Putting the ‘People’ in People’s Parliament: Lessons, Challenges and Successes from a Four-year Civil Society Project to Increase Engagement in the Legislatures [25 November 2021]

We invite you to join us in conversation with other civil society organisations and elected representatives on the successes, challenges and lessons the Putting the ‘People’ in People’s Parliament project (PPiPP) has learnt over the last four years. The conversation will focus on some of the structural issues that have surfaced through implementing the project and we will consider these in terms of future work by CSOs and legislatures to strengthen and deepen our legislatures’ performance of their role in democracy.
  • What DOI Event
  • When 25 Nov, 2021 from 09:00 AM to 01:00 PM (Africa/Johannesburg / UTC200)
  • Where Zoom (Virtual meeting)
  • Contact Name
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While various PPiPP partners will make brief inputs on our experiences and lessons, we hope to create and facilitate a participatory and conversational space that includes the voices of other CSOs as well as elected representatives.


The Putting the ‘People’ in People’s Parliament project (PPiPP) was led by five organisations: the Dullah Omar Institute, Heinrich Boell Foundation, Parliamentary Monitoring Group, Public Economic and Environmental Research Centre, and the Public Service Accountability Monitor. These organisations worked with a number of CSO partners and activists at national level, and in the Eastern Cape and Western Cape to increase engagements with national Parliament and these two provincial legislatures.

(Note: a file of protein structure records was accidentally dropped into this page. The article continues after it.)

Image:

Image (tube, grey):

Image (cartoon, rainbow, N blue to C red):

The four year implementation took place within a longer timeline of actions by Parliament Watch (ParlyWatch) members since 2014 and a wider range of CSOs since the People’s Power, People’s Parliament conference in 2012.

PPiPP's starting point was that even though there are many weaknesses in how the legislatures function, their intended role is worth fighting for in our constitutional democracy.

The project brought a range of organisations and activists together. We found that there is no ‘single story’ to tell - the diversity of contexts, geography, and resources meant that different partners had very different experiences of accessing and engaging with the legislatures. Similarly different legislatures brought very different issues that need to be navigated by civil society in order to obtain information and participate in their work.

Both the ECPL and WCPP leadership were receptive to our interventions, which helped us to achieve some of our goals, however, it didn’t necessarily result in success in our overall intention to build more permanent systems to link people and organisations from across the country meaningfully with committees in the national and provincial legislatures.


  • Providing and accessing information to enable advocacy for social justice.
  • Different experiences of access to committee meetings for engagement and informing advocacy.
  • Expanding and capitalising on the framework and constitutional requirements for legislatures and public involvement in public finance and budgets.
  • Protecting the gains in access resulting from the C19 move online and addressing the increased inequalities of access that have resulted.
  • Resourced CSOs fill the gaps in legislatures roles – should they?


Following registration, participants will receive a confirmation email containing information about joining the webinar.


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This event is made possible with funding support from the European Union and the Heinrich Böll Foundation.